23 May 2018 | Digital editions, magazines, websites, e-zines, handbooks and contract publishing for the leisure industry

Leisure Opportunities issue 736, 2018 is now out!

Blogs:

Read blogs by writer:

Liz Terry
CEO,
Leisure Media

Kate Cracknell
editor-at-large,
Health Club Management

Tom Walker
Journalist,
Leisure Media

Our guest writers:

Aleatha Ezra
Director of park member development,
World Waterpark Association

Jennifer Fields
Communications Coordinator,
Association of Zoos and Aquariums

Brad Irwin
Partnerships development manager,
Natural History Museum

Michel Buchel
President of Ecsite and CEO of NEMO, Amsetrdan,
NEMO

Julie Becker
Communications and Events Manager,
Ecsite

Eva McDiarmid
Chief Executive,
ASVA

Kurt Janson
Policy Director,
Tourism Alliance

Peter Ducker
Chief executive,
Institute of Hospitality

Maria Zolotonosa
Project Manager,
Ecsite

Ian Taylor
CEO,
SkillsActive

Ufi Ibrahim
Chief Executive,
British Hospitality Association

John Goodbody
Sports Journalist

Sam Coulstock
Customer Relationship Director,
Springboard

Lucy Schweingruber
Fundraising and Events Manager,
Ecsite

View all guest writers

Active Every Day

01 Oct 2015
by Kate Cracknell, editor-at-large, Health Club Management
The goal is ensuring the public have two powerful health mantras to live by: Five a Day, and Active Every Day

The health and fitness industry is failing to capitalise on one of the greatest opportunities it’s ever had, according to Liz Terry, editor of Health Club Management’s sister magazine Leisure Management.

Writing in the current edition of Leisure Management, Terry points to Public Health England’s Everybody Active, Every Day framework, asking why more hasn’t been made of this. Launched in October 2014 in a bid to combat obesity, it marked the first time government had advised the public to be active on a daily basis – don’t worry how much, just do something. It was a once in a lifetime opportunity for the activity sector to seize with both hands – quite possibly the sector’s biggest ever opportunity to enter the mainstream.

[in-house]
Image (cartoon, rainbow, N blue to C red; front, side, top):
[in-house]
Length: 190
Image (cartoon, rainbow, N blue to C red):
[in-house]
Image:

Yet while food manufacturers leapt on their version of this governmental gift – the recommendation to eat five daily portions of fruit and veg – and used every channel at their disposal to embed the Five a Day message in the nation’s psyche, the activity sector has done precisely nothing with Active Every Day.

That’s particularly shocking given its huge efforts to get government on board over recent years. What a wasted effort.

This failure to recognise and embrace such a huge opportunity is a symptom of a bigger problem, however, and that’s the fitness sector’s general introspection and lack of focus on the end user: it has never really organised itself to build a direct relationship with the consumer. Yes, we open the doors of our gyms to the public, but few operators have quality conversations with their own members, let alone the wider population. And although the sector has dabbled in awareness campaigns – Change4Life, for example – in general it’s inward-looking, focusing more on government, trade bodies and partners than on directly influencing consumers’ beliefs and behaviours.

That’s perhaps why this gem of a PHE report has been overlooked.

The good news is it isn’t too late: the advice is still current. But we do have to act now, taking ownership of the message, shouting it from the rooftops and giving it so much airtime that it becomes an unquestionable truth among the public. If not, it can be taken away – unused, unowned and forgotten – as quickly as it was gifted to us.

So how do we go about this? First of all, the campaign needs a name – we like Active Every Day – and a brand identity. It also needs strong, sustainable routes to market, so consumers are compelled and constantly reminded to act.

This can be done on many levels, from a stronger focus on consumer PR through to better use of partnerships.

Coca-Cola now sits on the ukactive Membership Council, for example, so how about getting the Active Every Day logo on all Coca-Cola packaging?

We also need a concerted, sector-level push to engage all consumer media, harnessing their power to help drive home this one clear, powerful message.

And what about government itself? The NHS has much to gain from an increase in public activity levels, so could Active Every Day find its way onto hospital letters, prescription slips and so on?

The goal is ensuring the public have two powerful health mantras to live by: Five a Day, and Active Every Day. Let’s act now to make that a reality.



Tags: Health Club Management  executive  health & fitness  public sector  suppliers 

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